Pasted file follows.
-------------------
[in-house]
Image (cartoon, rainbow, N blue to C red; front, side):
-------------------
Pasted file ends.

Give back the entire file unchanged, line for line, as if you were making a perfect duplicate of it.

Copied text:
[in-house]
Image (cartoon, rainbow, N blue to C red; front, side):